While onboard the train, guests can expect upscale amenities like multicourse dinners and 24-hour steward service.
If one claims to be the steward of a democratic transition, never does one respond to madness with more madness.
“You have made yourself famous by rowing the boat,” a steward told her.
Government has a vital role in a crowded society, as a steward of common resources and public services.
The steward answers, as in A 8, that the queen has taken a new love, and conducts the king to his chamber.
After supper and a pipe in the steward's room Jim climbed the long road to the dam.
"My gracious lord would perhaps do well to make haste," urged the steward.
I soon took my leave, for I had to engage a steward before night.
“Tread softly,” said the steward, as he led the way up the steps.
Is the steward the only person who has been a constant visitor to the cabin?
Old English stiward, stigweard "house guardian," from stig "hall, pen" + weard "guard." Used after the Conquest as the equivalent of Old French seneschal (q.v.). Meaning "overseer of workmen" is attested from c.1300. The sense of "officer on a ship in charge of provisions and meals" is first recorded mid-15c.; extended to trains 1906. This was the title of a class of high officers of the state in early England and Scotland, hence meaning "one who manages affairs of an estate on behalf of his employer" (late 14c.).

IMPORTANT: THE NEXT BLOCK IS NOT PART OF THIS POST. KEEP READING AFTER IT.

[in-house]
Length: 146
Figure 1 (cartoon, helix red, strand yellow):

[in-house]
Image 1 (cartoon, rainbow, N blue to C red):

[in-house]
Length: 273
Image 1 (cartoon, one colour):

The Scottish form is reflected in Stewart, name of the royal house, from Walter (the) Steward, who married (1315) Marjorie de Bruce, daughter of King Robert. The terminal -t is a Scottish form (late 14c.). Stuart is a French spelling, attested from 1429 and adopted by Mary, Queen of Scots.